Photo: Marc Royce
Repeat after me: It's not selfish to give to yourself as much as you give of yourself.
- Don't part with what you haven't got. If you don't have at least six months' worth of living expenses in savings, you're not contributing to your company's matching 401(k) plan, or you have yet to open a Roth IRA, you need to stop every time someone wants to borrow money and ask yourself: Do I need it more? An emergency loan is one thing, but someone else's new wardrobe doesn't come close to the importance of your nest egg.
- Information is priceless. Relying on others to make financial decisions for you, or simply saying yes whenever you're asked for a loan, is an emotional response often triggered by the fact that you don't feel secure in making choices for yourself. That's why I insist every woman needs to learn the basics of personal finance. It is not only easier than you think but also incredibly empowering. There are great free tutorials for beginners on the websites of personal finance magazines, and you can always tune in to my show Saturday nights on CNBC.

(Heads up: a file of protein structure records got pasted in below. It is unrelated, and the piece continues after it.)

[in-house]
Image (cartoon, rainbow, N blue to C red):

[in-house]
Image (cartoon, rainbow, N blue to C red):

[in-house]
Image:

- Communicate what you know. Leave your heart out of fiscal decisions as much as possible, and lead with your newly informed head. Let everyone in on your financial priorities and how focused you are on building security for yourself. You're always available in a crisis, but otherwise, the Bank of You is not open for lending anymore. And don't allow your feelings to keep you from having hard conversations. Make sure you sit down with your parents to talk about estate planning issues, and offer to help them set up a trust. That way, you'll be able to spend precious time with them later instead of with accountants and lawyers.